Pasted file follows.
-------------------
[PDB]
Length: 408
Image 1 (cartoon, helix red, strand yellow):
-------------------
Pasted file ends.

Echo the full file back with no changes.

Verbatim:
[PDB]
Length: 408
Image 1 (cartoon, helix red, strand yellow):